Paul Steinberg

Stop the Secret Plans, Secret Sessions, and Secretive Working Groups

The following letter was published in last week’s issue of the Gazette.

To the editor:
There is a wide gulf between Karl Marx and Milton Friedman, but Richard Olver managed to travel the distance in just 5 weeks.

In the April 4/10 issue of The Gazette, Mr. Olver said he is taking “careful steps” to “encourage the building of affordable private housing for Croton people” and he cited “a pair of rather attractive buildings” at Riverside and Benedict as examples of how this was working. He specifically noted that prices in Croton were so high that teachers were forced to live in the snowy north of New York State, where roads were bad; so many teachers lived in the tundra that one day last year, the schools in Croton had to close due to lack of teachers. Mr. Olver said this was why “Croton needs good, affordable middle-class housing.”

By the May 9/15 issue of The Gazette, Mr. Olver said of those very same buildings: “I neither know nor care what the landlord wants to charge.”

In Croton the Board of Trustees says virtually nothing at public sessions, preferring to hold secret “Executive Sessions” and to set up a “Zoning Working Group” which does not even appear on the Croton village government webpage, let alone publish minutes. The lack of transparency is deliberate. Much like a one-party state, the Board of Trustees is an arm of a political party and in the online age, the official Party organ is the Croton Dems Facebook page.

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The same public officials who won’t speak at a televised Board of Trustees meeting will speak to those citizens who are members of their party on Facebook. It is there that Mr. Olver doubled down last week and said of the Benedict apartments: “They shall see whether their calculations on rental prices meet market demand. If not, they will adjust.”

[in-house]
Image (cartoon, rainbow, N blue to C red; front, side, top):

Croton’s Board of Trustees cannot have it both ways. Either there is a community need that must be addressed by the entire community, or there is an opportunity for developers to get rich and that is not a burden that should be borne by the residents of Harmon.

For many years we have been told that it is necessary to increase zoning density along Riverside, while at the same time the northern part of town where folks like Trustee Ann Gallelli live was re-zoned to prevent apartments from being built. It seems to me that if it is really necessary for Croton as a community to have high-density development that Ms. Gallelli should bear some of that burden, particularly since her neighborhood consists of wildlife sanctuaries, parks, and a ritzy golf course.

It is not just the homeowners in Harmon who have suspected that the village is trying to urbanize the less-wealthy parts of Croton, and the statements of Mr. Olver indicate those beliefs may have merit.

This is a simple question for the Croton Board of Trustees: why do you want a lot of apartment units, and how many do you want? Westchester County has a surprisingly low number of rental units: only 142,000 plus another 16,000 planned. The rate of growth has been less than 1% for the last five years, which accounts for a vacancy listing rate of about 3%. If the Board of Trustees is waiting for enough market-rate housing to saturate the market and drive prices down to “affordable” levels, they can line Riverside wall-to-wall and still not have market rates that are “affordable.”

By definition, market rates are not “affordable”—if they were, we would not be passing laws requiring “affordable” units and we would not have a massive NY State taxpayer-funded subsidy program for “affordable” apartments. By way of example, the Peekskill apartments I mentioned (The Gazette, week of May 9/15) have two-bedroom units for $1,059 if you are an “artist” and $1,600 for non-artists. That is for a two bedroom unit in a building with a courtyard, fitness center, and a terrace overlooking the Hudson River! One-bedroom units are $888 for artists or $1,350 for non-artists.

Taciturn Andy Simmons has nothing to say during public sessions. But for those who follow his political party online, he is willing to set up a time to chat over coffee at the Black Cow. Seriously. Mr. Simmons has no problem with participating in secret “Executive Sessions” and the existence of a mysterious “Working Group” which doesn’t even appear on the menu of the official Croton village webpage. During televised sessions, Mr. Simmons is the closest thing we have in Croton to the Sphinx. But if you are a loyal reader of the party’s Facebook page, he will consider giving you a private session at the Black Cow.